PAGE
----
Fruit of the Drunken Tree (Contreras) - Book Reviews

Book Reviews
The use of raw potato to treat any ailment. Guard booths and gates. Buying barrels of water during blackouts. Leaving the television on to know exactly when the electricity comes back on. And the graphic news reports, the car bombs, the kidnappings, the ever-present fear in your gut that something terrible could happen to someone you love at any moment. It's vividly specific details like these that made me wince in recognition while reading Ingrid Rojas Contreras's Fruit of the Drunken Tree, a beautifully rendered novel of an Escobar-era Colombian childhood. Although this debut novel is inspired by the author's personal experiences…you don't need to have grown up in Bogot? to be taken in by Contreras's simple but memorable prose and absorbing story line.… [S]ensitive and thoughtful.
Julianne Pachico - New York Times Book Review


One of the most dazzling and devastating novels I’ve read in a long time.… An exquisitely intimate double portrait of two young women.… Unforgettable.… Readers of Fruit of the Drunken Tree will surely be transformed.
San Francisco Chronicle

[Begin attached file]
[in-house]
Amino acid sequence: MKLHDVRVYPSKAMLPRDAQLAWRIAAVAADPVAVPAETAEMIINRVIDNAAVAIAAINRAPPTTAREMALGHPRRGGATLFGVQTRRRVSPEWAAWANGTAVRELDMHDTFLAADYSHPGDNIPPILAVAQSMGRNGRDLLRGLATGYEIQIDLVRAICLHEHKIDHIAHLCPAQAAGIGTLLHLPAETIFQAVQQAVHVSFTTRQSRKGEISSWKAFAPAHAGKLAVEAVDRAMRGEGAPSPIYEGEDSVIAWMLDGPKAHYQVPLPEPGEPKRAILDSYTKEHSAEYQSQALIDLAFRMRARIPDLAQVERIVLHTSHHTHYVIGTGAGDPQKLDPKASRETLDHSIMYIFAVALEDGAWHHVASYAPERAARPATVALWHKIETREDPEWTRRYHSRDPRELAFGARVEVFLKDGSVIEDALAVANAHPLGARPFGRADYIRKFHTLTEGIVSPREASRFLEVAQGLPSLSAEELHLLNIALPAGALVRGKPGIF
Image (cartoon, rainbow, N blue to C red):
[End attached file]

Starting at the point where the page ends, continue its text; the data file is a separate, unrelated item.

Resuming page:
Simultaneously propulsive and poetic, reminiscent of Isabel Allende.… Fruit of the Drunken Tree offers a wake-up call for many. An eye-opening story of survival in a place history books and crime sagas (see: "Narcos") would have us think we know better than we do.… Listen to this new author’s voice—she has something powerful to say.
Entertainment Weekly


Original, politically daring, and passionately written—Fruit of the Drunken Tree is the coming-of-age female empowerment story we need in 2018.
Vogue


[F]ull of details about life in early 1990s Colombia during the last year of Pablo Escobar’s reign of terror.… This striking novel offers an atmospheric journey into the narrow choices for even a wealthy family as society crumbles around them.
Publishers Weekly


(Starred review) Rojas Contreras's…does an excellent job of articulating the complicated political situation and illustrating the heartbreaking day-to-day reality for children.… A fascinating, poetic read from an up-and-coming author. —Kate Gray, Boston P.L., MA
Library Journal


[I}ncomparable.… Contreras’ deeply personal connection to the setting lends every scene a vital authenticity, and a seemingly unlimited reservoir of striking details brings the action to life…. A riveting, powerful, and fascinating first novel.
Booklist


The perils of day-to-day existence in late-20th-century Colombia …are glimpsed through the eyes of a child and her family's teenage maid…. A tragic history…, and the results are patchy: sometimes constrained by invention, sometimes piercing.
Kirkus Reviews

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